The following are the results of the baseline SSD tests, withe an observation that for SSDs they are as fast as USB can go, so a RAID-0 SSD is a waste, and the Elgato dock performs consistently at 98-99% of the Mac Pro USB port on READ and 93% of the Mac Pro USB port on WRITE.  This seemed to hold true throughout the tests.:


  1. 367 361 Mac Pro StarTech None None Samsung 850 Pro 256GB (1)
  2. 366 361 Mac Pro StarTech Dock None Samsung 850 Pro 256GB (1)
  3. 346 341 Mac Pro IcyRAID JBOD None Samsung 850 Pro 256GB (1)
  4. 346 341 Mac Pro IcyRAID RAID-0 HW Samsung 850 Pro 256GB (2)
  5. 342 325 Mac Pro IcyRAID RAID-0 SoftRAID Samsung 850 Pro 256GB (2)
  6. 335 354 Elgato StarTech None None Samsung 850 Pro 256GB (1)
  7. 336 354 Elgato StarTech Dock None Samsung 850 Pro 256GB (1)
  8. 320 336 Elgato IcyRAID JBOD None Samsung 850 Pro 256GB (1)
  9. 320 337 Elgato IcyRAID RAID-0 HW Samsung 850 Pro 256GB (2)
  10. 315 318 Elgato IcyRAID RAID-0 SoftRAID Samsung 850 Pro 256GB (2)

Because SSD technology is still relatively expensive for consumers when purchased in higher capacities (a 4TB OWC SSD is $2,000+ today), the hope was to find an affordable hard drive that could come close under USB3 platforms. I selected the Seagate ES.3 drive because I had very good previous experience with it, and it is now on the market for $80-85 for a 3TB unit, a fraction of its price just a couple of years ago.  These are “New, Surplus” stock, so they are probably soon to be unavailable.  But for me, it seemed like the ideal drive to test.  What we see here is that hard drive speeds, under RAID-0 Streaming, are 98-99% of an SSD on WRITE, with Software RAID READ speeds falling behind at 85% READ.  For a US$70 Enclosure, this feels pretty good.  A 6TD RAID-0 Enclosure for under US$250 seems like a pretty good deal yielding these speeds.  Here are the same tests, using the Seagate ES.3 7200RPM drive:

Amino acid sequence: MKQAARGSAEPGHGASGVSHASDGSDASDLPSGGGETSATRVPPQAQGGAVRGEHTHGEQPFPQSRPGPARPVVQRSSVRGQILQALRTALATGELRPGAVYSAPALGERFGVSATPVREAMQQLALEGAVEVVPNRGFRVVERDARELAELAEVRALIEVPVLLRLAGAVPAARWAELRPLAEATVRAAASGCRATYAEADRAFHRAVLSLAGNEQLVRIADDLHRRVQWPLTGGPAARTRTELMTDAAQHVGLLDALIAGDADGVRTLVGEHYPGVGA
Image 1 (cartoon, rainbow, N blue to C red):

1. N/A N.A Mac Pro StarTech None None HDD not supported
  2. 175 180 Mac Pro StarTech Dock None Seagate HDD ES.3 7200 3TB (1)
  3. 175 180 Mac Pro IcyRAID JBOD None Seagate HDD ES.3 7200 3TB (1)
  4. 342 319 Mac Pro IcyRAID RAID-0 HW Seagate HDD ES.3 7200 3TB (2)
  5. 340 275 Mac Pro IcyRAID RAID-0 SoftRAID Seagate HDD ES.3 7200 3TB (2)
  6. N/A N/A Elgato StarTech None None HDD not supported
  7. 180 181 Elgato StarTech Dock None Seagate HDD ES.3 7200 3TB (1)
  8. 179 180 Elgato IcyRAID JBOD None Seagate HDD ES.3 7200 3TB (1)
  9. 315 315 Elgato IcyRAID RAID-0 HW Seagate HDD ES.3 7200 3TB (2)
  10. 311 265 Elgato IcyRAID RAID-0 SoftRAID Seagate HDD ES.3 7200 3TB (2)

For completeness, I will include the 5900RPM and 5400RPM drive test results, because these are cheap today and run cooler and quieter than non-Green counterparts.  I would consider these if the performance levels meet your needs, and you can put together a 4TB RAID-0 Enclosure for under US$130.


  1. N/A N/A Mac Pro StarTech None None HDD not supported
  2. 135 140 Mac Pro StarTech Dock None Seagate HDD Green 5900 2TB (1)
  3. 140 140 Mac Pro IcyRAID JBOD None Seagate HDD Green 5900 2TB (1)
  4. 275 280 Mac Pro IcyRAID RAID-0 HW Seagate HDD Green 5900 2TB (2)
  5. 270 270 Mac Pro IcyRAID RAID-0 SoftRAID Seagate HDD Green 5900 2TB (2)
  6. N/A N/A Elgato StarTech None None HDD not supported
  7. 135 140 Elgato StarTech Dock None Seagate HDD Green 5900 2TB (1)
  8. 135 140 Elgato IcyRAID JBOD None Seagate HDD Green 5900 2TB (1)
  9. 265 280 Elgato IcyRAID RAID-0 HW Seagate HDD Green 5900 2TB (2)
  10. 268 268 Elgato IcyRAID RAID-0 SoftRAID Seagate HDD Green 5900 2TB (2)


  1. N/A N/A Mac Pro StarTech None None HDD not supported
  2. 140 145 Mac Pro StarTech Dock None Seagate HDD Green 5400 2TB (1)
  3. 140 145 Mac Pro IcyRAID JBOD None Seagate HDD Green 5400 2TB (1)
  4. 255 260 Mac Pro IcyRAID RAID-0 HW Seagate HDD Green 5400 2TB (2)
  5. 198 216 Mac Pro IcyRAID RAID-0 SoftRAID Seagate HDD Green 5400 2TB (2)
  6. N/A N/A Elgato StarTech None None HDD not supported
  7. 140 145 Elgato StarTech Dock None Seagate HDD Green 5400 2TB (1)
  8. 140 145 Elgato IcyRAID JBOD None Seagate HDD Green 5400 2TB (1)
  9. 275 290 Elgato IcyRAID RAID-0 HW Seagate HDD Green 5400 2TB (2)
  10. 197 215 Elgato IcyRAID RAID-0 SoftRAID Seagate HDD Green 5400 2TB (2)


A couple of comments on product selected.  I didn’t use some other brands, which others might challenge.